Star Wars: The New Jedi Order: Vector Prime

Set 25 years after the Battle of Yavin 4 (ABY, if you will), Vector Prime is an excellent introduction into The New Jedi Order, a series which is essentially the old Star Wars universe gang handing off the torch to the next. Vector Prime begins as most Star Wars novels do: the Skywalker and Solo families deciding to take a vacation when everything seems calm. Unbeknownst to them, the Yuuzhan Vong, an ancient and so far unknown race from outside the galaxy have begun their invasion. They’ve begun so subtly, by having insurgents and the like on various planets pretending to be rebels themselves and upsetting the balance, but they’ve yet to do anything concrete; that’s where we begin.

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Is Star Wars for Kids, or does George Lucas Just Love Money?

I have to be perfectly honest with y’all: I loved Star Wars: The Phantom Menace. I thought it was awesome and super cool and everything. I read the novelisation and read everything I could about the movie — hell, I started a fansite which, fortunately, no longer exists. Read the rest of this entry »

Star Wars: The Thrawn Trilogy

1983 is a significant date in the history of Star Wars; not only did it mark the release of Return of the Jedi, but it was also the last year in the 1980s that a Star Wars book would be published (not if you count the Star Wars Roleplaying Game sourcebook that was released in 1987). After Return of the Jedi, there were fears that the whole “Star Wars” thing had dried up and that public interest was waning. For all intents and purposes, Star Wars was dead.  Read the rest of this entry »

Reading is Awesome

A screensaver on Amazon's Kindle eReader


While a lot of people take it for granted, the book as a proper, commercial item per se is relatively a new thing. A whole host of things contributed to the rarity and scarcity of the book prior to around 1450, almost all of them having to do with the actual creation of the thing. Until moveable type, you essentially just had scribes (typically monks), copying over texts. These were rare and usually only owned by individuals who were rich enough to commission such a thing (imagine today, for example, hiring someone to copy out, illustrate, and bind by hand The Girl With the Dragon Tattoo or A Song of Ice and Fire or whatever — that wouldn’t be cheap, even today). In the mid fifteenth century, Johannes Gutenberg revolutionized printing with his moveable type — suddenly, printing became, well, easy to do. And while it still wasn’t incredibly cheap, it was possible for less rich and influential people to read their own books. While Gutenberg and the press were met with scorn, it’s hard to deny that he improved the printing world for the better.



With that context, taking a look at the big box book retailers Chapters or Barnes and Noble can be a useful exercise. While book sales saw a dip in the mid 2000’s, the situation was nowhere near as dire as the music industry. With the proliferation of big box retailers, in fact, book sales have gone up. There are two important things to note regarding that, however:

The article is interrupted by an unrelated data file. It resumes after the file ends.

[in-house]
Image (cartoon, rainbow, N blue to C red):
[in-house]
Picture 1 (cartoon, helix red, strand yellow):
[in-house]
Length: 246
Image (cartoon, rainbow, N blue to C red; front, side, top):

1) Chapters/B&N/etc have caused the shutdown of small bookstores. On the one hand, were you the type to frequent an independent bookstore (unlike myself), and were you the type to get all of your book recommendations there, this is certainly bad.

As a rule, small businesses, though they typically get less revenue than the big ones, tend to pay better and have better benefits for employees. This might be something that’s important to you or might not. The fact is that it’s impossible to deny that smaller retailers are hurt by larger ones. Whether or not you agree with the concept of big box stores itself is another matter, of course. On the one hand, they tend to be great for consumers (better selection, prices) and incredibly lucrative. On the other, they’re bad for employees and death for competition.

2) Chapters/B&N/etc have in some ways hurt publishers. Big box retailers can afford to get books for cheaper from wholesalers (and to, because of their dominant position, force publishers to acquiesce to which they wouldn’t normally), which means per book, the publisher makes less money. Add in the fact that the larger chains can print their own books and not rely on a third party altogether, and you have some upset publishers. While the profits in the book industry the last few years have been going up, the overall percentage going towards publishers has diminished. Considering the fact that authors are typically at the bottom of the totem pole, typically getting shafted in the revenue department, that’s not good for them, either. But, again, given that publishers routinely screw their writers, it’s hard to get upset when their profit margins are down.